Haiti - Politics, government, and taxation

Haiti's political system is notoriously volatile and prone to violence. Since gaining its independence from France in 1804, the country has experienced little democracy and has suffered at the hands of many dictators and corrupt regimes. The most enduring of these dictatorships was that of François "Papa Doc" Duvalier (1957-71) and his son Jean-Claude "Baby Doc" (1971-86). Since the overthrow of Jean-Claude Duvalier, the country has been ruled by a succession of unstable governments and military juntas. The political landscape changed dramatically in 1991 with the presidency of Jean-Bertrand Aris-tide, a radical Catholic priest, who was elected by a landslide majority in the country's first free elections. He was ousted by the military after only 8 months and spent 3 years in exile before being returned to power by a joint United Nations/United States military force in 1994. In the meantime, Haiti suffered a 3-year period of political repression, compounded by increased economic hardships as the result of an international economic embargo orchestrated by the Organization of American States (OAS) and the United Nations (UN). In December 2000 Aristide again won election by an overwhelming majority.

The dominant political force in Haiti today is Aristide's Fanmi Lavalas (FL), which means "landslide family" in Creole. The FL has an extended network of activists but is held together by the charismatic personality of Aristide, who won 91.8 percent of the vote in the November 2000 elections. Other political groupings are weak and unpopular in comparison. The main group is the Organization of People in Struggle (OPL), formerly allied to Aristide but now bitterly opposed to FL. All other parties boycotted the 2000 presidential elections, claiming that intimidation and electoral malpractice were rife. By early 2001 FL was in control of 103 out of 110 seats in the Senate and Chamber of Deputies.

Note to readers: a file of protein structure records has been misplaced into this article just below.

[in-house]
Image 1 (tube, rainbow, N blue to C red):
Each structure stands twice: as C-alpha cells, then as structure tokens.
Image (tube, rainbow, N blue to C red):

Aside from its promotion of Aristide as a "savior," FL tends to vacillate between supporting the rural economy through infrastructural investment and state subsidies , and pursuing a course of liberalization and privatization. In the wake of Aristide's return to power in 1994, for instance, the government presided over the removal of many trade barriers and the beginning of a privatization program, but Aristide later criticized these measures. Aristide's populist appeal runs counter to the demands placed on his government by international donors, who wish to see the Haitian economy further opened to foreign investment.

Revenue collection in Haiti has always been inefficient and plagued by corruption and tax evasion. Aristide's threats to tax the tiny wealthy minority were instrumental in his overthrow in 1991. Indirect taxes and excise duties were 3 times greater than income tax receipts in 1997, while punitive taxes have traditionally been levied on export commodities such as coffee.

Because the government is heavily dependent on foreign aid, its ability to forge independent economic policy is limited by donor demands for agreed economic programs as a precondition for releasing aid. The main policy of the FL government focuses on land distribution and attempts to regenerate agricultural production damaged by low productivity and environmental degradation. The government also promises higher wages in the small manufacturing sector, a proposition that has caused several companies to relocate to the Dominican Republic.

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